Sermons

Summary: How would a nurse today console Job as a patient?

5B WELCOME TO THIS SPECIAL LITURGICAL HOLY DAY KNOWN AS SUPER BOWL SUNDAY.

No use fighting it.

I heard about one young guy who is really in a difficult situation. He bought two tickets for today’s Super Bowl far in advance. He forgot that he and his fiancé had scheduled their wedding for this same day and time. Now he realizes he can’t go. It’s out of the question. So, if you’re a guy who wants to go instead of him, here’s the relevant information: it’s at St. Peter’s Church in New York City at 5 p.m. Her name’s Louise. She’ll be the one wearing the white dress.

Of course, even priests can get caught up in Super Bowl fever. I heard at one parish, after the General Intercessions, the time came for the collection. The celebrant, a true sports enthusiast, reached into his pocket, took out a quarter, flipped it into the air, glanced at it as it landed, then in typical referee fashion joyfully announced: “The ushers will receive!”

Enough about football.

I want to focus on sociology…

…from the point of view of how baptized believers can minister based on our Readings today.

In today’s Gospel Jesus’ heals Simon Peter’s mother-in-law.

Do you ever think of Simon Peter, upon whom Christ built his Church, as being married?

Obviously he was.

St. Paul deliberately chose not to marry, and work as tent-maker on the side to support himself.

An early Christian historical writing says that Peter’s wife was eventually martyred in Rome while Peter was still alive. However, earlier, in 1 Corinthians 9:5, which refers to the right for evangelists to travel with their wives and receive living expenses for both, Peter’s wife is mentioned.

My question is how do you react when Jesus heals you from a physical, emotional, or mental infirmity involving faulty thinking?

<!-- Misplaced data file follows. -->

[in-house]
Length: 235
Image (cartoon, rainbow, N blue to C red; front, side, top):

The desired response is service.

When “the fever left her, she waited on them.” The Greek verb used is related to the word for “deacon.”

We are healed and made spiritually whole for service to others, for the benefit of their spiritual and temporal needs.

Next, how would a nurse today console Job as a patient? (From our First Reading).

Studies show that consolation begins when the nurse simply lets Job be Job, with his cursing and complaining behavior.

The patient is welcomed, i.e., is accepted as the one he or she is (Eriksson 2006), which may strengthen both the patient’s self-confidence and sense of dignity (cf. Barbosa da Silva et al. 2009).

The complaining words of the patient matter, for they reveal whether or not suffering has put the sufferer out of touch with reality.

Keenan (2004) maintains that the sufferer often is struck silent before being able to articulate the suffering.

Bottled up anger can hurt oneself and others. For this reason, the honest speech of Job directed to God is preferable to silence.

Authentic and caring consolation allows the suffering to be suffered as well as it receives and bears the other’s suffering.

To receive and bear are key words in a caring consolation.

Being present to his or her way of suffering, with a tolerant and non-judgmental attitude.

It is not ‘‘consoling’’ advice, even though wise, that a suffering person needs.

The paradox is that to suffer one’s suffering is one path to consolation.

The opposite, the ‘‘tweezer consolation’’ that plucks away the suffering and thus quickly consoles produces no lasting consolation, or any lasting health.

They have to find their own answers to why they suffer, as there is no one who can provide that answer.

It is the Lord, who heals the broken-hearted and gives consolation as we hear today in our Responsorial Psalm.

“God alone!” Are words that can be found over the doors in Cistercian monasteries.

God desires our greatest good, namely union with Him, because he is source of all good.

Consolation means to live amidst consolation in the presence of God. Living in consolation means to transcend and come in communion with the sacred (Santama ¨ki 2007).

Praying the Rosary and Chaplet of Mercy is a good vehicle to create the conditions for them connect them to Jesus.

3). Lastly, Jesus is coaching us on how caregivers should take care of themselves, spiritually and physically.

Respite time. Jesus took it. Respite activities. For Jesus it meant some alone time in prayer.

Don’t let your prayer life go.

Busyness is a state of mind and a habit of the heart rather than merely the result of the number of tasks to be accomplished.

Unrealistic expectations, desires to feel important, the need for security can drive over-activity.

Jesus did not cave-in to feelings of guilt.

Everybody is looking for you.

Jesus is the answer to a person’s deepest longings.

How might we encounter more deeply communion with God the Father in contemplative meditation in order to help others hear a saving word?

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